Forming a nonprofit corporation is similar to, but somewhat distinct from, incorporating a for-profit corporation. This article outlines the process and most commonly required information for forming a nonprofit corporation.
Articles of Incorporation
As with a for-profit corporation, the formation document is called the Articles of Incorporation or Certificate of Incorporation. Each state has its own version of the Articles of Incorporation, but much of the requested information is consistent across the states.
Choosing a name
You’ll need to provide your nonprofit corporation with a name. Many states require a corporate identifier, such as “Corporation,” “Company,” “Incorporated,” “Limited,” or an abbreviation, such as “Corp.” Perform a preliminary name availability search prior to filing, to see if your desired name is available. Keep in mind that the state holds final approval rights on the name and will generally not let you incorporate with a name that is already on its records as being the name of another domestic or qualified foreign corporation or unincorporated business entity.
Defining your business purpose
The business purpose is an explanation of what your nonprofit corporation is formed to do or provide. Here is a big difference between the articles of a for-profit corporation and a nonprofit corporation. Many for-profits simply state that their purpose is to transact any lawful business. But for a nonprofit, having a very detailed description is essential. If you plan to apply for tax-exempt status, the IRS will require a copy of your Articles of Incorporation and will pay particular attention to your business purpose and use it to classify your business:
- The most common type of nonprofit is the 501(c)(3) nonprofit: a public charity or private foundation established for purposes that are religious, educational, charitable, scientific, literary, testing for public safety, fostering of national or international amateur sports, or prevention of cruelty to animals and children.
- These nonprofits are called 501(c)(3) organizations because they are formed for the purposes outlined in Section 501(c)(3) of the Internal Revenue Code.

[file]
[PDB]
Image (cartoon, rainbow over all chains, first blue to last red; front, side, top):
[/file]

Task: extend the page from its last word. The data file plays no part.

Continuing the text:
- There are also 501(c)(4) through 501(c)(27) organizations. View the IRS Organization Reference Chart for a listing of nonprofit classifications.
Choosing a registered agent
All states require nonprofit corporations to have a registered agent in the state of formation. The registered agent is responsible for receiving legal and tax
Note that supplying the nonprofit’s principal office address is optional in many states, but some require it.
Choosing an incorporator, directors
- Incorporator. The incorporator is the person or company preparing and filing the incorporation documents with the state. Many states require the name and signature and address of the incorporator in the formation documents.
- Directors. The directors are the individuals responsible for overseeing and directing the affairs of the nonprofit, including major decision-making. Many states require the names and addresses of the initial directors
- Officers. The officers are responsible for the day-to-day activities of the nonprofit corporation. While
inclusionof the officerinformation is optional in many states, a few states do require it. Common officer titles include president, vice president, secretary, and treasurer.
While this is not a complete list of everything a state might require on its Articles of Incorporation for nonprofits, it outlines typically required items. Remember that filing nonprofit Articles of Incorporation does not equate to obtaining tax-exempt status for your nonprofit. Most nonprofits apply for tax-exempt status under Sec. 501(c)(3). In order to apply for 501(c)(3) tax-exempt status, Form 1023 or Form 1023-EZ must be completed and filed with the IRS. Some states also have state tax-exempt status procedures. To learn if your state is one of those, it is best to contact your state department of taxation.